Frank Marshall Davis


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(1905–1987), poet, journalist, and autobiographer.

During the Depression and World War II, Frank Marshall Davis was arguably one of the most distinctive poetic voices confronting W. E. B Du Bois's profound metaphor of African American double consciousness. Complementing a career that produced four collections of poetry was one as a foremost journalist, from 1930 to 1955. Through the “objective” view of a newspaperman and the “subjective” vision of a poet, Davis struggled valiantly to harmonize Du Bois's dilemma of the color line.

Frank Marshall Davis was born on 31 December 1905 in Arkansas City, Kansas,“ … a yawn town fifty miles south of Wichita, five miles north of Oklahoma, and east and west of nowhere worth remembering” (Livin’ the Blues). His mention of interracial schools suggested a harmonious small-town life; the reality, however, barely concealed deeper racial tensions. Housing, jobs, movie theaters, and all facets of life were tacitly divided by the color line. Retrospectively, he describes his life in “Ark City” as suspended uncertainly in limbo, between the worlds of Euro- and African Americans.

At Kansas State College, Davis nurtured his twin passions of journalism and poetry from 1923 to 1926 and again from 1929 to 1930. His successful careers as newsman and poet rendered unimportant the fact that he never received a baccalaureate degree. For over thirty years he served as editor, managing editor, executive editor, feature writer, editorial writer, correspondent, sports reporter, theater and music critic, contributing editor, and fiction writer for the Chicago Evening Bulletin, Chicago Whip, Gary (Ind.) American, Atlanta World, Chicago Star, the Associated Negro Press, Negro Digest, and the Honolulu Record. In a rather difficult period for publishing African American poetry, he brought out Black Man's Verse (1935), I Am the American Negro (1937), Through Sepia Eyes (1938), and 47th Street: Poems (1948). These two modes of self-expression effectively placed him in a unique position to observe African American cultural development and to advocate social change.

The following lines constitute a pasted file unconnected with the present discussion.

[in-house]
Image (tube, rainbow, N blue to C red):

Davis's various news writings generally challenged such persistent lies as the position that African Americans had no cultural past and therefore had contributed very little to American cultural development. In this case, Davis made “Rating the Records” and “Things Theatrical,” two of his weekly features for the Associated Negro Press, collectively imply a composite history of African American music. The social consequences of this strategy were enormous. The columns demonstrated West African roots of African American music; provided, in their promotion of racially integrated bands, a model for American society to aspire to; and demonstrated African Americans’ contributions to American cultural distinctiveness.

Davis found poetry to be a complementary mode of self-expression. Esteemed critics like Harriet Mon-roe, Stephen Vincent Benét, Alain Locke, and Sterling A. Brown perceived much to celebrate in Davis's poetry. In Black Man's Verse (1935), they saw “authentic inspiration,” technical innovation, wonderfully realistic portraiture, and vivid images. Davis's verse is characterized by robust statements of urban themes, a fierce social consciousness, a strong declamatory voice, and an almost rabid racial pride. Technically, he found free verse to be the best form to “contain” his thought since, like jazz and improvisation, it represented a rebellion against conventional or standardized forms of poetry. Davis's poem “Lynching,” for instance, offers “stage” directions for performing the poem to the accompaniment of orchestral music. But the experiment with music, mood, and language did not consistently win critical approval. Other Davis poems sometimes invited disagreement about whether they achieved epic sweep or simple oratory.


Subjects: Literature.

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